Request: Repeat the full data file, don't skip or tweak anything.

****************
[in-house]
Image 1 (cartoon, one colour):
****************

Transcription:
[in-house]
Image 1 (cartoon, one colour):